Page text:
Skip to comments.Kerry called timetable 'cut and run' in 2003
Posted on 06/22/2006 5:54:37 PM PDT by Aussie Dasher
While Democrats bristle at Republican descriptions of their Iraq policy as "cut and run," Sen. John Kerry, the author of a bill defeated today in the Senate, used that very term to criticize President Bush's consideration during the 2004 election campaign of a timetable for withdrawal.
In a December 2003 speech at the Council on Foreign Relations in New York City, the Massachusetts Democrat said he feared that "in the run-up to the 2004 election, the administration is considering what is tantamount to a cut-and-run strategy," notes Townhall.com writer Tim Chapman.
"Their sudden embrace of accelerated Iraqification and American troop withdrawal dates, without adequate stability, is an invitation to failure," Kerry said in his 2003 speech. "The hard work of rebuilding Iraq must not be dictated by the schedule of the next American election."
Kerry said it "would be a disaster and a disgraceful betrayal of principle to speed up the process simply to lay the groundwork for a politically expedient withdrawal of American troops. That could risk the hijacking of Iraq by terrorist groups and former Ba'athists."
Today, the Senate voted down two proposals to set a timetable for troop withdrawal.
Kerry's plan to require the administration to withdraw all combat troops from Iraq by July 1, 2007, with redeployments beginning this year, was rejected by an 86-13 vote. Later, the Senate voted 60-39, mostly along party lines, against a nonbinding resolution to urge the administration to begin withdrawing troops, but without a timetable.
Senate Majority Leader Bill Frist, R-Tenn., said withdrawal is "not an option."
"Surrender is not a solution," he asserted.
Senate Minority leader Harry Reid, D-Nev., criticized Republicans for sticking with a "failed" strategy of "stay the course."
"It is long past time to change course in Iraq and start to end the president's open-ended commitment," he said.
Joining all Republicans in support of the nonbinding resolution, with the exception of Sen. Lincoln Chafee of Rhode Island, were Democrats Mark Dayton of Minnesota, Mary Landrieu of Louisiana, Mark Pryor of Arkansas, Joe Lieberman of Connecticut, Bill Nelson of Florida and Ben Nelson of Nebraska.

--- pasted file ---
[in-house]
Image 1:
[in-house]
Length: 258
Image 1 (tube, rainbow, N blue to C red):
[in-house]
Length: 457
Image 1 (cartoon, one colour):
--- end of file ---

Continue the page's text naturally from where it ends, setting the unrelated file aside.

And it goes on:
Lieberman, Bill Nelson and Ben Nelson are running for re-election this fall.
Last week, the House rejected withdrawal timetables.
Republicans have welcomed the debate, ahead of mid-term elections, because it points out stark differences with Democrats over the war and highlights divisions with the Democratic Party.
President Bush has said U.S. troops will remain in Iraq until Iraqi security forces are prepared to defend the country.
How can anyone take him seriously?
If you're going to advocate a withdrawal on a date certain, you might as well make it an immediate withdrawal. You are guaranteeing defeat. You might as well be defeated now as be defeated later. And it has the advantage that it is cheaper and less bloody.
The host on Air America was extreemly agry with Kerry over doing this. Said it was stupid move because it is dividing the Democratic party with the "Cut and runners" on one side and the "Stay the course but only for awhile"
Dems on the other.
Sundials were invented for people like Kerry. Of course, transcripts were invented for him too.
Outstanding find by Tim Chapman.
Bwahahahahaha ...sKerry is such a berk.
Hmmmm...looks like someone is a bit nervous in Minnesota?
Dayton isn't running.
I wonder if he was consistant before he wasn't.
I love it when their own words come back to haunt them.
Surrender's always been Kerry's choice. It's the French disease. Runs in the family.
Goodness, what a smoking gun!
I am just CERTAIN that I will be reading about this tomorrow in the NYT and LAT, right?
Kerry is Ted Baxter......
He only repeats what his handlers tell him.
Back when G. H. W. Bush was President, Kerry was against the war and voted against the use of force, then claimed we had failed because we followed the U.N to the letter and left Saddaam in power.
When Clinton attacked Iraq to purposely distract MonicaGate and impeachment, Kerry said Saddaam was a brutal dictator, and was supportive of Clinton's use of force without U.N approval that failed to removc Saddaam.
Before he was running for President, he voted for the use of force, but was against sending in troops with U.N. approval.
While he was running, he was for the war on terror with U.N. approval, but against the war in Iraq, but against the timetable of bringing them home, but didn't regret his vote authorizing force. (nuance?)
Now, he regrets his vote, is for the war in Iraq, but wants to bring our troops home on a timetable.
I'm confused. Are we on the Flip, or the Flop this time?
Flip-flop John Kerry. Just as bad as John McCain.
THS MORON IS A GIANT JOKE, NOTHING MORE - NOTHING LESS.
Is this the same John Kerry that served in Vietnam? Sold out his country? Threw his service medals away? Revises and extends his remarks almost daily? Thought so!
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